The South African Social Security Agency (Sassa) says it is tackling maladministration within the organisation, amid criticism by the Western Cape Department of Social Development that it was not managing social grants effectively. Sassa has come under fire after a recent spate of administrative issues that have left a number of grant recipients pennyless when they had attempted to draw their grant. This week, MEC Albert Fritz said he was dealing with an influx of complaints from elderly people who claim they either did not receive their monthly grant or monies had been deducted without their consent.
Sassa provides its recipients with a debit card, to make their monthly grants easily accessible. This system allows the recipient to draw their monthly payouts at any ATM, Shoprite, Checkers and other pay points. However, this also allows for debit orders.
According to Sassa Western Cape head Henry Le Gras, the agency has a policy, which the beneficiary agrees to a debit order of a maximum of 10% on the monthly grant. "If the person is receiving R1350 per month, a total of R135 will be deducted," said Le Gras. However, Le Gras said there have been reports of illegal deductions from certain beneficiaries who did not agree to this particular policy in accordance with Sassa.
"The illegal deductions, which some beneficiaries have not given permission for, relates to cellphones, airtime, or when they made use of an ATM. This has caused quite a lot of unhappiness across the country," Le Gras said.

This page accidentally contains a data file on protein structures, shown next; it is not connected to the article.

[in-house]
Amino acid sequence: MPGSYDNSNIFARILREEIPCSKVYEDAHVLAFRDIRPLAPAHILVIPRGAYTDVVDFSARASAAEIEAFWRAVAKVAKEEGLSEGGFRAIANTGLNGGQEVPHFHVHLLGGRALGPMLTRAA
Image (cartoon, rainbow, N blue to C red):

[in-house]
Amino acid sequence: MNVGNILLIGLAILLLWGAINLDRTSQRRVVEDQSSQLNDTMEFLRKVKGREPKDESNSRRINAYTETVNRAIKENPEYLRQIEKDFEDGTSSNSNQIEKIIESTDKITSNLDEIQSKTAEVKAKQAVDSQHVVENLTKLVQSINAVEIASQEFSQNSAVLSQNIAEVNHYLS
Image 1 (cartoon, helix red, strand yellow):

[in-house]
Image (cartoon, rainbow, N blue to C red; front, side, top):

Beneficiaries from all over South Africa have complained of the same incidents with regard to their grants, some saying there had been no money to draw at all.
According to Le Gras, the National Minister for Social Development Bathabile Dlamini has now put together a task team
consisting of Black Sash, NGO's, social development officials as well as Sassa officials to look into this particular matter and to make recommendations.
However, La Gras advised those beneficiaries who have been a victim of these illegal deductions, to contact the Sassa offices immediately.
"We [Sassa] will take the particulars of the concerned beneficiaries who have come forward about these illegal deductions
and forward their information to Net1, a subsidiary of the Cash Paymaster Services (CPS) who will then conduct an investigation. If it is discovered that the particular beneficiary did not give permission for these deductions then
the recipient will be refunded," Le Gras explained.
Sassa beneficiaries need to be aware that when they go to a ATM, there will be administrative deductions from their grants. However, if they use another pay point such as supermarket chain, there is no deductions.